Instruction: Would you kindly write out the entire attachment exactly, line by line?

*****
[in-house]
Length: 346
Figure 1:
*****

[in-house]
Length: 346
Figure 1: